An early Bible scholar: 1-7-11
Remembering racial horrors: 1-10-11

Roots of our anger at God: 1-8/9-11

If anger at someone is a sign that you care what that person thinks -- and surely it is that -- then anger at God is an indication that you care what God thinks.

Angry-at-god In some ways such anger is a sign of hope, a sign that you expect God to be God and not to be absent or silent when you need God.

Which is why I found a new study about anger toward God intriguing. Done by Case Western Reserve University psychologist Julie Exline, the study seeks to understand who is angry at God and what that anger looks like.

One interesting highlight (but far from the central point) of Exline's study is that she found some people angry at God even when they don't believe there is a God. Certainly not all non-believers are in this category, but some. Hmmmm. It reminds me of a friend who told me he tried hard to be an atheist but kept having lapses of disbelief.

There's almost no doubt that some of our anger at God grows out of our simplistic understanding of who God is, and it's impossible for our understanding not to be simplistic because our minds are finite and God is infinite. So some of us somehow imagine God to be what has been called a cosmic bellboy -- that indentured servant whom we can call when we need something but who should leave us alone otherwise.

And no doubt some of our anger at God grows out of the very love we have for God, just as our occasional anger at a spouse or a child is rooted in love. When God or a family member disappoints us, the result can be anger. As in: "Come on, God, I prayed faithfully for healing and yet she died."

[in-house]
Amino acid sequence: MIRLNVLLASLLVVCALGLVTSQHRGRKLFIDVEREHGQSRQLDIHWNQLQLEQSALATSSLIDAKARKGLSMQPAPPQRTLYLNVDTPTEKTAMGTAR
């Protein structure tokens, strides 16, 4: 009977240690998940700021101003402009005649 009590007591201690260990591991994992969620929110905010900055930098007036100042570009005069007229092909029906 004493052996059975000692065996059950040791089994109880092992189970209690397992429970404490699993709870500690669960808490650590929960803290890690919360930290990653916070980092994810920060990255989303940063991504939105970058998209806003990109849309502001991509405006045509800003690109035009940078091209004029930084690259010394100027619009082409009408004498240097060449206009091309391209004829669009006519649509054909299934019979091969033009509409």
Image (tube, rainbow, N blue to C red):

Our anger at God no doubt is also a product of whether we see God as profoundly involved in every decision we make in life -- that is, sort of a divine puppeteer -- or whether we imagine God as a disinterested clockmaker who set the world on go and now is on permanent vacation. (There are lots of options between those two, also.)

All this is fascinating to ponder, but what I sometimes wonder more about is God's anger at us. And what I marvel at is God's patience with us. I'm afraid that if I were God I might have ended this messed-up world long ago. Not that I'm angry at God for not doing so. I'm just sayin'.

(By the way, if you'd like to participate in some of Exline's on-going research on people who may be angry at God, click here.)

* * *


Whether we're angry at God or don't even believe God exists, Pope Benedict XVI says that God was the cause of the creation of the universe, whether it was through the Big Bang or some other method. The church's history of understanding science is pretty shaky, but in more recent times popes have sought to celebrate what science has been discovering about the cosmos. I like that approach, as long as everyone recognizes that there are questions that science will never be able to answer.


The comments to this entry are closed.